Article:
Moun­tains of Waste

With a large num­ber of tourists vis­it­ing the Hi­malayas ev­ery year, there is also an in­crease in heaps of garbage that is dam­ag­ing the splen­dor of the mighty moun­tains.

Southasia - - ENVIIRONMENT NEPAL - By Sarah B. Haider The writer is a Karachi-based jour­nal­ist.

The Hi­malayas, with­out a shadow of doubt, are one of the most beau­ti­ful tourist spots in the world. From snow­cov­ered peaks to breath­tak­ing hill sta­tions and val­leys to awe-in­spir­ing flora and fauna to the tran­quil aura sur­round­ing the en­tire re­gion, the Hi­malayas are surely a glimpse of heaven on earth. They are pop­u­lar for their scenic beauty and are also home to some of the lofti­est peaks in the world, in­clud­ing the fa­mous Mount Ever­est.

Ev­ery year, the Hi­malayas at­tract thou­sands of tourists from all over the world who come to the re­gion for sight­see­ing and trekking. Liv­ing in mag­nif­i­cent sur­round­ings and wak­ing up to such a spec­tac­u­lar panorama is cer­tainly a dream

come true for any tourist. The im­ages of the Hi­malayas that ap­pear on­line, in mag­a­zines and on tele­vi­sion are enough to con­vince any­one that no place could be more won­der­ful than this.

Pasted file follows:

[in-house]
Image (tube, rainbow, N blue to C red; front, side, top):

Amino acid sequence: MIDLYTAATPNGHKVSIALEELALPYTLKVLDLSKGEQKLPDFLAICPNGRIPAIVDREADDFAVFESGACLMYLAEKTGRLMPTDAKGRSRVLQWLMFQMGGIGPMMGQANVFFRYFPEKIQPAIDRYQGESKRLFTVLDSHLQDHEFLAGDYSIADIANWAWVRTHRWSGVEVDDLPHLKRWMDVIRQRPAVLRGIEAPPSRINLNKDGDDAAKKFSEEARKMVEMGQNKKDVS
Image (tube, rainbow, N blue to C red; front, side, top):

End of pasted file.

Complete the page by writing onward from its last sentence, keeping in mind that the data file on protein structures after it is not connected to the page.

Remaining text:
Sadly, how­ever, for the people of Nepal, the coun­try’s pride – the in­cred­i­bly strik­ing moun­tain ranges – are fast be­com­ing a rubbish dump. The high lev­els of pol­lu­tion are dam­ag­ing the splen­dor of the mighty Hi­malayas.

Ac­cord­ing to es­ti­mates, around 35,000 tourists, in­clud­ing ex­pe­di­tion teams, visit the Ever­est re­gion ev­ery year. With the ever-grow­ing num­ber of tourists in the moun­tains there is also an in­crease in heaps of beer and soft drink cans, empty min­eral wa­ter bot­tles and other waste ma­te­rial. Tourists throw lit­ter with­out think­ing twice about its im­pact on the en­vi­ron­ment in the long run.

Some decades back, there was hardly any garbage on the moun­tains. But in re­cent years, ev­ery vil­lage in the Hi­malayas can be seen lit­tered with plas­tic all the way up to the Ever­est base camp. This is be­cause pre­vi­ously, there were no more than a score of moun­taineer­ing ex­pe­di­tions and less than a hun­dred trekkers vis­it­ing the Hi­malayas ev­ery year. To­day, the an­nual num­ber of ex­pe­di­tions has grown to over 200 and of trekkers to over 50,000. To top it off, there have been no ar­range­ments in Nepal to treat the waste as there is no de­vel­oped re­cy­cling in­dus­try there.

This is not all. Like in many other parts of the world, the Hi­malayas are also fac­ing the neg­a­tive ef­fects of global warm­ing. Over the years, wrong mod­els of de­vel­op­ment, an im­proper use of re­sources, chang­ing life­styles and mod­ern con­sumerism has led to en­vi­ron­men­tal pol­lu­tion as well as re­source de­ple­tion. As a re­sult, the glaciers in the Hi­malayas are rapidly melt­ing. This im­pact of global warm­ing in the Hi­malayas will have dev­as­tat­ing con­se­quences both for the en­vi­ron­ment and the hu­man pop­u­la­tion.